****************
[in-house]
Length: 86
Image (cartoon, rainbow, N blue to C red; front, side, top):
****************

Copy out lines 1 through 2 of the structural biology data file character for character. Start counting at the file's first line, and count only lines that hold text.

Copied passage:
[in-house]
Length: 86